Teaching children with disabilities core literacy skills more effectively using a tablet- based context-driven web application

Education is one of the pillars of any society – not least in Malta – since it brings progress and growth [1]. Over recent years, the Maltese education authorities have been implementing an emergent curriculum in the classrooms across the country.  Emergent  curriculum is a way of planning curriculum that is based on the children’s interest and passion at a certain  point  in time [2]. To achieve this, it would be necessary for the educator to listen to and observe the child, to be able to plan around the child’s interest, ‘scaffold’ building upon existing knowledge. Apart from this, the educator would also be expected to document the child’s progress and communicate the child’s progress with the parents to give them the opportunity of being involved in their child’s education. While this process is intended towards improving the educational system, it is nevertheless time- consuming and demanding. Therefore, it might prove to be challenging to the educators to achieve the desired outcome with little or no assistance.

Taking the above into account, this project creates a platform with the aim of facilitating the educators’ day- to-day tasks in the classroom. This is done by applying gamification to motivate the  children to  learn the  letters of the alphabet in an engaging way that would be in tune with their interests, while simultaneously  documenting and reporting the children’s achievements to parents and the educators automatically. In this way, educators would have more time to observe, guide and assist the children during their learning process. Furthermore, the proposed platform would give parents and educators a clear view of the child’s progress, making it easier for them to plan subsequent exercises to continue building on the child’s knowledge.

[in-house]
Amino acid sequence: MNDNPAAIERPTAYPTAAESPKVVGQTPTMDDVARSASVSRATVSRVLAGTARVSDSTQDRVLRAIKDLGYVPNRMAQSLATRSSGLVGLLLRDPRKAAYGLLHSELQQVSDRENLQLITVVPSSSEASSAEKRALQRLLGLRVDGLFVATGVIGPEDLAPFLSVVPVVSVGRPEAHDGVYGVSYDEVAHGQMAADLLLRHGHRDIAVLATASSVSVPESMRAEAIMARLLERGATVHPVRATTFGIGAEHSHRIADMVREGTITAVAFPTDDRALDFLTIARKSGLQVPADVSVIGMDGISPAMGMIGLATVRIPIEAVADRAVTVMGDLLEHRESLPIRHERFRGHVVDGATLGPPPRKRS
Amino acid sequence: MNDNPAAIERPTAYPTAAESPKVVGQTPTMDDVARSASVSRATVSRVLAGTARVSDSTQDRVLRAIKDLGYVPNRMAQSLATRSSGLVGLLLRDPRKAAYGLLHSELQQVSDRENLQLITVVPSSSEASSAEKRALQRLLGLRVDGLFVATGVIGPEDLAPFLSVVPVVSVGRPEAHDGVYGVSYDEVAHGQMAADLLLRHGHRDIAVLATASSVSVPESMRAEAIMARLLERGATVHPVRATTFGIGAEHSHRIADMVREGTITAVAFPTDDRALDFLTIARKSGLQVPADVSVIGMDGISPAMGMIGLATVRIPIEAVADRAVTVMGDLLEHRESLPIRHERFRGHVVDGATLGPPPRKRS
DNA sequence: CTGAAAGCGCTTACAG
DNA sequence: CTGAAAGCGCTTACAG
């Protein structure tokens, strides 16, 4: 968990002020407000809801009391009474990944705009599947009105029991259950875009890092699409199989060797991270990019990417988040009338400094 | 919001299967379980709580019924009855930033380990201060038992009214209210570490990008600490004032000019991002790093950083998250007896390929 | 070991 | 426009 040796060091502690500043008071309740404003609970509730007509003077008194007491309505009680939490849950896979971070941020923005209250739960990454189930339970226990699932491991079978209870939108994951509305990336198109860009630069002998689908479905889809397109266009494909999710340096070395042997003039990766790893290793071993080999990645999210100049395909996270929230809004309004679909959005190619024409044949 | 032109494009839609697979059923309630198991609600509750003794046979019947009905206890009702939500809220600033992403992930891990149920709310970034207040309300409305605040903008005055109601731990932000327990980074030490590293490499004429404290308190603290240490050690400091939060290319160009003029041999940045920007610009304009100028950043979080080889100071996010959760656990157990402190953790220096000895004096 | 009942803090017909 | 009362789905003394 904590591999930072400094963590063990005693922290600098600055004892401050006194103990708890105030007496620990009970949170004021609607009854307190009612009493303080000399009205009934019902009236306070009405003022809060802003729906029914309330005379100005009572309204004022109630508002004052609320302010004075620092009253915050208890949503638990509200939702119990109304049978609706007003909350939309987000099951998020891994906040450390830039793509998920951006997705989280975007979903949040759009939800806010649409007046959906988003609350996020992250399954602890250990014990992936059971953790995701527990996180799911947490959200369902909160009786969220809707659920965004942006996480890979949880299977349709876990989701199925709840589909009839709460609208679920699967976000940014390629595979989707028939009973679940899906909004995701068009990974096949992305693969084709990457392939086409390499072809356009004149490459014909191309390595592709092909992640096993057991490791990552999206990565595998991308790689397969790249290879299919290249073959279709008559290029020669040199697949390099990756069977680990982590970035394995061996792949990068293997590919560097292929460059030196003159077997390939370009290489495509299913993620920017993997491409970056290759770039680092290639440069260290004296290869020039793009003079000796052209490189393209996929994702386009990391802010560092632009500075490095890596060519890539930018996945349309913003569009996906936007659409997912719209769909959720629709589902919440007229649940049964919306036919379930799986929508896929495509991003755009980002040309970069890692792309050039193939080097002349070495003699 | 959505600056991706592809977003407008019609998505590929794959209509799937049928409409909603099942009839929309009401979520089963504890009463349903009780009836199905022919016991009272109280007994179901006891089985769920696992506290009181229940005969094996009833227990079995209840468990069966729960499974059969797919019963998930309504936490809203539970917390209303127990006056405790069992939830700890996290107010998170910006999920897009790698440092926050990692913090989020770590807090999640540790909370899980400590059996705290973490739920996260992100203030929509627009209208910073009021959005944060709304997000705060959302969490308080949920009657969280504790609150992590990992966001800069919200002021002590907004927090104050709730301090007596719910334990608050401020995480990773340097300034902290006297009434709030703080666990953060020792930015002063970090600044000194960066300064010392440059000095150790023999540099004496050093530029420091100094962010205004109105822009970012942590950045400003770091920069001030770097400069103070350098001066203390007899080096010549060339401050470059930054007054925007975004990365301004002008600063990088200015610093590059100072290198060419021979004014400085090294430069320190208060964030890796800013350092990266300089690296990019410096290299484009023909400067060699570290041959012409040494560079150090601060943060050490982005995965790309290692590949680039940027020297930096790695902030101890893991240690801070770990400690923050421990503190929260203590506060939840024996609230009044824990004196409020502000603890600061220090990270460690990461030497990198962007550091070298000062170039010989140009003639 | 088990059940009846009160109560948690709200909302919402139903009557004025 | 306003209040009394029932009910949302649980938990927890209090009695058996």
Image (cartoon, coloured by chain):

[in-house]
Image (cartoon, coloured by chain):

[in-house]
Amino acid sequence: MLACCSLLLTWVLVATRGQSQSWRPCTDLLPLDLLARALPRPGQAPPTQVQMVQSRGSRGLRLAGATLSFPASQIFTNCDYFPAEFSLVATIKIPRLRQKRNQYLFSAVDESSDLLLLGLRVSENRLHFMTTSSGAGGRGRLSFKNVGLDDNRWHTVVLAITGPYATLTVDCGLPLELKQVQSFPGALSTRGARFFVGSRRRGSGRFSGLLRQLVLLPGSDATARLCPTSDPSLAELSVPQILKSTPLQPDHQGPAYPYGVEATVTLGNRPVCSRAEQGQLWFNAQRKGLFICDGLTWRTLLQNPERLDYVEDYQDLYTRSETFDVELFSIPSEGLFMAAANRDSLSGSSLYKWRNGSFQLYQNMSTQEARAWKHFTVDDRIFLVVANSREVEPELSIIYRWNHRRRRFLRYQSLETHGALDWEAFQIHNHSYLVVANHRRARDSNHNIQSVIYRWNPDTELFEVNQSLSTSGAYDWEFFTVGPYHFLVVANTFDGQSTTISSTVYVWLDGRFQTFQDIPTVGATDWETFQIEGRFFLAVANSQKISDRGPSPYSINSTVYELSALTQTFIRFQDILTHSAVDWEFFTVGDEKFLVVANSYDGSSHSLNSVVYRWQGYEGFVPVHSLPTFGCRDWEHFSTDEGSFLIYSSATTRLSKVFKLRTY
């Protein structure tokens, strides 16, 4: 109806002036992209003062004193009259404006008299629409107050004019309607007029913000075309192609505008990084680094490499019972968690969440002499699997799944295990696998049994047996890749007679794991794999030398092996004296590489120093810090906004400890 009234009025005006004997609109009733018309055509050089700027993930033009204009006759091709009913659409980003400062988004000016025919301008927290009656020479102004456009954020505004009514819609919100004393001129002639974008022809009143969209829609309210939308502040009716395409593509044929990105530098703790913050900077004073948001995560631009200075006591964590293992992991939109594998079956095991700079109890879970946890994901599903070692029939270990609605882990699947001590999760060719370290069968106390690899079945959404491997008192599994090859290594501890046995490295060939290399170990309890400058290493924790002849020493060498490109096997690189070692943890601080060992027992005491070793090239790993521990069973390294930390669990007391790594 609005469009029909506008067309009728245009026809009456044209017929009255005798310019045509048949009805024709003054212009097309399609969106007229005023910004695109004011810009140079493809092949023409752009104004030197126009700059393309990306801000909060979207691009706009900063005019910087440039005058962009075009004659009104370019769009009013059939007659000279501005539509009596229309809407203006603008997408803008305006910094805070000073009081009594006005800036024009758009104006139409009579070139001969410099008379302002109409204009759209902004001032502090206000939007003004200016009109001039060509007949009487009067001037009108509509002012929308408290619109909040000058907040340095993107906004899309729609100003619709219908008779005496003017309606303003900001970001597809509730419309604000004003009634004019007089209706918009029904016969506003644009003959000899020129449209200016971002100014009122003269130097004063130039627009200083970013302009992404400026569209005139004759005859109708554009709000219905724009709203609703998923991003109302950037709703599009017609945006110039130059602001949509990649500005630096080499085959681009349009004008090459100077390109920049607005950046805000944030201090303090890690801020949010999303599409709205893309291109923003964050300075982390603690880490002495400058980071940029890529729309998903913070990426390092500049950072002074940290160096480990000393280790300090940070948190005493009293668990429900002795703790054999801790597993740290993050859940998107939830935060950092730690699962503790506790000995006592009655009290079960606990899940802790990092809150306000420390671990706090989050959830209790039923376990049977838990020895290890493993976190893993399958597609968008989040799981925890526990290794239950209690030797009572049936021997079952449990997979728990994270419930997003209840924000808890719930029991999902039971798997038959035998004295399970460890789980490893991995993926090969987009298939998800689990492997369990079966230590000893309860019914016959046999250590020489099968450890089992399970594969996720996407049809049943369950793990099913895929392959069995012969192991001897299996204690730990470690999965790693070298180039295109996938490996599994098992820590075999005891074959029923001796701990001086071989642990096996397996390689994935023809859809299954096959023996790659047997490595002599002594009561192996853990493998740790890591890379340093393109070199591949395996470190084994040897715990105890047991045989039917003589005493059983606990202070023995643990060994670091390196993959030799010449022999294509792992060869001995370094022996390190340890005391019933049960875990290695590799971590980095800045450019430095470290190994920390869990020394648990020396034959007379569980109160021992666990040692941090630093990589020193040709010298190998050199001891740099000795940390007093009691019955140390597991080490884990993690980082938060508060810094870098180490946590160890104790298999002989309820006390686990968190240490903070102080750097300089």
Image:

Building upon the aid of professional educators, the application was developed using ASP.NET Core MVC, and was subsequently tested by occupational therapists and parents who assist children  with  learning  disabilities. The methodology used was iterative, so that the website could be developed and improved through the feedback obtained, and decisions agreed on previously. The participating parents felt that this platform motivated them to be more involved in their child’s education since the platform is easy to use and easily accessible through electronic devices.

Figure 1. Using the tablet-based web application to teach children core literacy skills

The occupational therapists (OTs) taking part in the project confirmed that this platform not only facilitated their work, but also allowed them more time to observe and guide children under their care. By recording and visually displaying the children’s progress, it enabled them to obtain a good overview of what they know and the progress they are making, thus facilitating their forward- thinking process. The OTs also found that, by providing the appropriate context for the writing of letters of the alphabet ‒ and because the children preferred using technological devices to pen and paper ‒ the platform helped them to teach their pupils in a more engaging way. Furthermore, the OTs expressed the view that the platform enables a good handover, where detailed information about the child is efficiently passed on to other staff members from one year to the next. This better serves the child’s interests.


[1] O. Bonnici, “Education: a pillar of our new economic vision,” 14 August 2020. [Online]. Available: https://www.independent.com. mt/articles/2020-08-14/blogs-opinions/Education-a- pillar-of-our-new-economic-vision-6736226107.

[2] E.K Ludman, “The Emergent Curriculum,” Journal of Nutrition for the elderly, 1983.

Student: Juan Mizzi
Course: B.Sc. IT (Hons.) Software Development
Supervisor: Dr. Peter Albert Xuereb